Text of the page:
class, exec function, etc. The details of each implementation are covered in subsequent areas of the book, as applicable to a particular chapter or heading.
As we’ve seen, the dynamic loading of a kernel module is facilitated through two
major kernel subsystems: the module management code and the kernel runtime
linker. These kernel components make use of other kernel services, such as the
kernel memory allocator, kernel locking primitives, and the kernel ksyms driver,
taking advantage of the modular design of the system and providing a good example of the layered model discussed earlier.
• Solaris Memory Architecture
• Kernel Memory
• Memory Monitoring
he virtual memory system can be considered the core of a Solaris system, and
the implementation of Solaris virtual memory affects just about every other subsystem in the operating system. In this chapter, we’ll take a look at some of the
memory management basics and then step into a more detailed analysis of how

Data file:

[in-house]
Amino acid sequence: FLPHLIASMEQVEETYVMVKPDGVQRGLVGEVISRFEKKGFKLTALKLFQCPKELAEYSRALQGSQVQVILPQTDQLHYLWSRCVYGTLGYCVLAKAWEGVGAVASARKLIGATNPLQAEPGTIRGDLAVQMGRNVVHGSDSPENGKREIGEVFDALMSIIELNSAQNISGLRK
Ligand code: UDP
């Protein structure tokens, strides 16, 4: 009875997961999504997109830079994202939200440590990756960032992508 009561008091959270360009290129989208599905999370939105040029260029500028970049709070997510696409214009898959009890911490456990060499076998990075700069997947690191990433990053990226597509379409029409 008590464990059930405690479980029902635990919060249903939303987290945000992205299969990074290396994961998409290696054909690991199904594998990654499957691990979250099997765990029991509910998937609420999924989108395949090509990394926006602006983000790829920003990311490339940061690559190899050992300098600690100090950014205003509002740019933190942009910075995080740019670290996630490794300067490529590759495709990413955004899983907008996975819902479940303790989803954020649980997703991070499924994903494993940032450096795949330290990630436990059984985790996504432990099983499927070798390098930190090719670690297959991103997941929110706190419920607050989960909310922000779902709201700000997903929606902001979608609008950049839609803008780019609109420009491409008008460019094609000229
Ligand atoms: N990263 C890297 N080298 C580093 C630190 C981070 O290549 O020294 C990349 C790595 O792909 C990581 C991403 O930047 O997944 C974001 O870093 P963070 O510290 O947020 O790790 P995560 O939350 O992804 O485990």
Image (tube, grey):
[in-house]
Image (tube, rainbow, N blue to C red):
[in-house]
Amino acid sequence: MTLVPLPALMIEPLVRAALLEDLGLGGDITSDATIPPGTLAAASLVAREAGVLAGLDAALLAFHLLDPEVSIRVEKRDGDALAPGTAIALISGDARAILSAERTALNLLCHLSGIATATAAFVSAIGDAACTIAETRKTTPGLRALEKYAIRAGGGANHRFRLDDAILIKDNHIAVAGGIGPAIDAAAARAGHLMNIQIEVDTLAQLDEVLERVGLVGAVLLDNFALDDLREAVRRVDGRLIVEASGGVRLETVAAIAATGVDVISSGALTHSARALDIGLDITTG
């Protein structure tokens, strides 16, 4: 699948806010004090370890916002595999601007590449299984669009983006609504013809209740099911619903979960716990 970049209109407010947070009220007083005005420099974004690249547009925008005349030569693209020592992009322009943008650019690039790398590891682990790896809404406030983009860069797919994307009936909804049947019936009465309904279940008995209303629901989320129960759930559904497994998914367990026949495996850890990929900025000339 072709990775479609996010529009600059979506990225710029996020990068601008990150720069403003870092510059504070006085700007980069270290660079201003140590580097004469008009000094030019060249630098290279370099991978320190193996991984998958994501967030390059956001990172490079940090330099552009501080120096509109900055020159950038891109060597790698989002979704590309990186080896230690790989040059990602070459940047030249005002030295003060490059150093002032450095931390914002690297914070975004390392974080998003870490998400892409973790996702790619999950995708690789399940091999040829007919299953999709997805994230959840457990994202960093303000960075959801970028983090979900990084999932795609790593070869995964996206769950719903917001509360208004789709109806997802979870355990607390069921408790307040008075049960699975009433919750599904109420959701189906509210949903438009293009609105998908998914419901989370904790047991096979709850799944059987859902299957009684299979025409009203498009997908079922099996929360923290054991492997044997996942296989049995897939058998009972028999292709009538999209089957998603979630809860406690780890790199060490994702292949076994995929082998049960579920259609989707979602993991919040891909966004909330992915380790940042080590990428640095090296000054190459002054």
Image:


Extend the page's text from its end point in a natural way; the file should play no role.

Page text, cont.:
Solaris implements virtual memory management. Subsequent chapters in Part
Two discuss kernel memory management and that can be used to monitor and
manage virtual memory.
Why Have a Virtual Memory System?
A virtual memory system offers the following benefits:
• It presents a simple memory programming model to applications so that
application developers need not know how the underlying memory hardware
• It allows processes to see linear ranges of bytes in their address space,
regardless of the physical layout or fragmentation of the real memory.
• It gives us a programming model with a larger memory size than available
physical storage (e.g., RAM) and enables us to use slower but larger secondary storage (e.g., disk) as a backing store to hold the pieces of memory that
don’t fit in physical memory.
Solaris Memory Architecture
A virtual view of memory storage, known as an address space, is presented to the
application while the VM system transparently manages the virtual storage
between RAM and secondary storage. Because RAM is significantly faster than
disk, (100 ns versus 10 ms, or approximately 100,000 times faster), the job of the
VM system is to keep the most frequently referenced portions of memory in the
faster primary storage. In the event of a RAM shortage, the VM system is required
to free RAM by transferring infrequently used memory out to the backing store. By
so doing, the VM system optimizes performance and removes the need for users to
manage the allocation of their own memory.